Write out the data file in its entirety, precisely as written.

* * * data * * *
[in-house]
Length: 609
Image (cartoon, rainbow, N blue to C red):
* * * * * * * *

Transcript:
[in-house]
Length: 609
Image (cartoon, rainbow, N blue to C red):